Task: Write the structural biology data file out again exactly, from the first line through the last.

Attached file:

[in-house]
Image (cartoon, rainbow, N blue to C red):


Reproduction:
[in-house]
Image (cartoon, rainbow, N blue to C red):